Black Point is a small, mostly non-touristy settlement with a couple restaurants, a bar or two, and a bakery. Actually, the bakery is just the kitchen of the mother of Lorraine, who owns one of the restaurants (cleverly named “Lorraine’s). We took Killer into the dock and walked to the bakery. Inside, we found Lorraine’s mom standing on a stool in the kitchen, kneading a giant pan of bread dough with all of her strength and weight (the latter of which there is not much – she’s a tiny woman!). We bought a loaf each of cinammon raisin and coconut bread, and when we walked back to the road, ran into four other cruisers who said “You guys going to happy hour at Scorpio’s?”

On the dock at Lorraines, Black Point

We had not done our homework, or we would have known that Club Scorpio is a “must do” stop for cruisers in the area of Black Point. Three nights a week, happy hour means two-for-one of Scorpio’s infamous rum punch. Once we found this out, we, of course, joined the parade to Scorpio’s! The rum punch, being made mostly with cheap, sweet, fruit flavored Ricardo rum, wasn’t all that potent (despite the numerous warnings we received to not have more than two each!) – but the experience was well worth it. Just the sight of the one cruiser practically sprinting inside when it was announced that fresh popcorn had been made was worth the price of admission! (Some cruisers we have met are doing it as economically as possible, so free popcorn and two-for-one drinks were just too tempting to resist.)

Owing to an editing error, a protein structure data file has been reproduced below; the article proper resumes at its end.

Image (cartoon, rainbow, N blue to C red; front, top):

Already being ashore, and having no dinner plans on Smartini, we decided to have dinner at Lorraine’s. Cracked conch, grilled grouper, peas and rice – all quite tasty, and at prices far more reasonable than most tourist-focused restaurants we had visited previously.

Will the wind ever stop blowing?